TWO EGGS, PLEASE.

A clever, minimally verbal introduction to “same, but different” that takes too long to make its point. Each animal customer that walks into Lewin’s brightly lit, exuberantly drawn diner orders two eggs, but each wants them done a different way: sunny side up, over easy, scrambled, even (for an alligator’s pet boa) raw. But the customers enter one at a time, most taking up a whole spread to do so, and the pace is further slowed by spreads in which all sit there sharing the same thought: “Different.” Finally the counter attendant shouts out all the orders in sequence—in plain language rather than restaurant jargon, which may disappoint readers hoping for another Frank and Ernest (1988)—then delivers them, cooked (or not) to order, demonstrating “Different . . . but the same.” It’s a difficult, abstract concept that has engaged every philosopher since Plato’s day; children may be able to get a handle on it here, but they’ll need both a large fund of patience, and an adult to fill in the gaps. (Picture book. 4-7)

Pub Date: Sept. 1, 2003

ISBN: 0-689-83196-X

Page Count: 32

Publisher: Atheneum

Review Posted Online: May 19, 2010

Kirkus Reviews Issue: Sept. 1, 2003

ON THE FIRST DAY OF KINDERGARTEN

While this is a fairly bland treatment compared to Deborah Lee Rose and Carey Armstrong-Ellis’ The Twelve Days of...

Rabe follows a young girl through her first 12 days of kindergarten in this book based on the familiar Christmas carol.

The typical firsts of school are here: riding the bus, making friends, sliding on the playground slide, counting, sorting shapes, laughing at lunch, painting, singing, reading, running, jumping rope, and going on a field trip. While the days are given ordinal numbers, the song skips the cardinal numbers in the verses, and the rhythm is sometimes off: “On the second day of kindergarten / I thought it was so cool / making lots of friends / and riding the bus to my school!” The narrator is a white brunette who wears either a tunic or a dress each day, making her pretty easy to differentiate from her classmates, a nice mix in terms of race; two students even sport glasses. The children in the ink, paint, and collage digital spreads show a variety of emotions, but most are happy to be at school, and the surroundings will be familiar to those who have made an orientation visit to their own schools.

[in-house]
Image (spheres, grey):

While this is a fairly bland treatment compared to Deborah Lee Rose and Carey Armstrong-Ellis’ The Twelve Days of Kindergarten (2003), it basically gets the job done. (Picture book. 4-7)

Pub Date: June 21, 2016

ISBN: 978-0-06-234834-0

Page Count: 32

Publisher: Harper/HarperCollins

Review Posted Online: May 3, 2016

Kirkus Reviews Issue: June 1, 2016

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THE WONKY DONKEY

Hee haw.

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The print version of a knee-slapping cumulative ditty.

In the song, Smith meets a donkey on the road. It is three-legged, and so a “wonky donkey” that, on further examination, has but one eye and so is a “winky wonky donkey” with a taste for country music and therefore a “honky-tonky winky wonky donkey,” and so on to a final characterization as a “spunky hanky-panky cranky stinky-dinky lanky honky-tonky winky wonky donkey.” A free musical recording (of this version, anyway—the author’s website hints at an adults-only version of the song) is available from the publisher and elsewhere online. Even though the book has no included soundtrack, the sly, high-spirited, eye patch–sporting donkey that grins, winks, farts, and clumps its way through the song on a prosthetic metal hoof in Cowley’s informal watercolors supplies comical visual flourishes for the silly wordplay. Look for ready guffaws from young audiences, whether read or sung, though those attuned to disability stereotypes may find themselves wincing instead or as well.

Hee haw. (Picture book. 5-7)

Pub Date: May 1, 2010

ISBN: 978-0-545-26124-1

Page Count: 26

Publisher: Scholastic

Review Posted Online: Dec. 28, 2018

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